Here is VOX:
The Supreme Court held on Tuesday that Maine must fund religious education as part of a school voucher program that pays tuition for students in rural parts of the state. In the process, the Court’s decision in Carson v. Makin tears down one of the foundational rules separating church from state.
The decision was 6-3, along partisan lines.
The specific program at issue in Carson is unusual to Maine. About 5,000 students in Maine’s most rural areas, where it is not cost-efficient for the state to operate a public school, receive tuition vouchers that can be used to pay for private education. Maine law provides that these vouchers may only be used at “nonsectarian” schools, not religious ones.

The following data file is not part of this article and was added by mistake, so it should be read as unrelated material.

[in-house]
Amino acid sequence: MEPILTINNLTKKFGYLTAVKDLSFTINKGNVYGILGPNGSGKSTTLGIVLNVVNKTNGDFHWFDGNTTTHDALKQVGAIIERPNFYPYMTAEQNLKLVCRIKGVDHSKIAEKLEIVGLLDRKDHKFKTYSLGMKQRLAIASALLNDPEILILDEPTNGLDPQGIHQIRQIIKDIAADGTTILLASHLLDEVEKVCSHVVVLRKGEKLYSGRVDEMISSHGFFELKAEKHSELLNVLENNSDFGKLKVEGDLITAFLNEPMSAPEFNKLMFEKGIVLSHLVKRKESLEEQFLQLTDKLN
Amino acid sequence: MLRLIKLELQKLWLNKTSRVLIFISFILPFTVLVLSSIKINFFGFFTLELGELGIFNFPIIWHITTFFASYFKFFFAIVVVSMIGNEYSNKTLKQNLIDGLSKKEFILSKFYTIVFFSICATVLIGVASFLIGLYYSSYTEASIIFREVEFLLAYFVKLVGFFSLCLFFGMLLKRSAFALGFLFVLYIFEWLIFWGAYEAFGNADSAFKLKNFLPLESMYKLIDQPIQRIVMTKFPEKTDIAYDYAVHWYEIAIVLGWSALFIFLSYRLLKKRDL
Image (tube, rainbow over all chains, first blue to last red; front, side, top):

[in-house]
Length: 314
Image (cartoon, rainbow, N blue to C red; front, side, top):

Carson struck down this law excluding religious schools from the Maine voucher program, and that decision could have broad implications far beyond the few thousand students in Maine who benefit from these tuition subsidies.
Not that long ago, the Court required the government to remain neutral on questions of religion — a requirement that flowed from the First Amendment’s command that the government “shall make no law respecting an establishment of religion.” In practice, that meant that the government could neither impose burdens on religious institutions that it didn’t impose on others, nor could it actively subsidize religion.